Adding Ability to Maneuver Between Tracks Will Allow Service to Operate During Reconstruction of Belmont and Fullerton Stations
The Chicago Transit Authority has embarked on a track and signal renewal project at Clark Junction, the busy location where Brown, Red and Purple Line trains converge just north of Belmont on the City's North Side. The upgrade to the
100-year-old junction will bring new signals and additional connections between tracks to allow trains to ?cross over? to adjacent tracks. This will create the flexibility for trains to cross from track to track and continue in service around construction, disabled trains or other obstacles in the Clark Junction corridor, the area bounded by the Brown Line Southport station, Red Line Addison station and Brown Line Armitage station. The track and signal renewal project will be completed by the end of 2006.
On a typical weekday, nearly 1,000 trains pass through the corridor with approximately one train every 50 seconds during rush periods. The upgrade will enhance service reliability in the highly-traveled junction by allowing trains to cross between tracks and operate around obstacles. In addition, the increased ability to cross between tracks will allow the Belmont and Fullerton stations to remain open during rehabilitation of those stations over the next couple of years.
The reconstruction of the Belmont and Fullerton stations includes widening the northbound and southbound island platforms to accommodate more customers as well as to make room for elevators so that the stations will be accessible to customers with disabilities. Because the island platforms are each located in between two separate sets of tracks, widening the platforms requires that each set of tracks be moved farther apart. CTA will continue to provide service to the stations during track realignment by taking one set of tracks out of service at a time for construction, and maintaining service in the area on three tracks instead of four. Track realignment is scheduled at Belmont and at Fullerton late 2006 through 2008.
Maneuvering on three tracks and keeping the Belmont and Fullerton stations open during construction will be possible because of the new crossovers and signals being installed between now and the end of the year.
When the project began, there were only 12 locations where CTA trains could switch to adjacent tracks in the Clark Junction corridor. In addition to replacing 11 of the existing crossovers, the CTA is installing new crossovers at 11 additional corridor locations for a total of 22 locations where trains can switch tracks. (One old crossover has been eliminated)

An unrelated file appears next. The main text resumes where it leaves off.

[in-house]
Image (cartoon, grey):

The track and signal work is not only important to keeping rail service moving around construction projects, from a customer perspective, more crossovers will minimize delays caused by trains held up due to an unexpected medical emergency or disabled train on the tracks ahead. Currently, CTA has very few options in the Clark Junction corridor for working around such a situation.
?By doubling crossover locations, trains will be able to move to the adjacent tracks, travel around the obstacle, and continue in service, thus, increasing service reliability," said CTA President Frank Kruesi. ?The ability to maneuver around these incidents will help diminish the impact these types of delays will have on our customers."
Also important, CTA is installing a new signal system along the tracks that can be read by train operators coming from either direction. Trains will be able to switch to any of the adjacent tracks in the corridor and read signals ? no matter which direction they are traveling. Clark Tower, located at the junction, will also be rehabilitated. Clark Tower houses the switches, locks and signals necessary for routing trains through the Clark Junction corridor.
The track and signal installation work has already begun with the majority of work occurring during non rush hours and on weekends. Through the end of the year, weekend work will require taking one or two tracks out of service for a specified period of time and require CTA service to run on two or three remaining tracks. The location and duration of out of service track will vary based on the construction schedule and the complexity of the specific installation. CTA will provide weekly service information to customers and work to minimize any inconvenience or delays.
Belmont and Fullerton stations reconstruction is a part of the CTA's Brown Line capacity expansion project, which includes: the rehabilitation of 18 Brown Line stations; lengthening station platforms to accommodate eight rather than six-car trains; providing for station enhancements to meet the accessibility requirements of the Americans with Disabilities Act (ADA) and upgrading or replacing traction power, signal and communication equipment. The project is expected to be completed by the end of 2009.# # #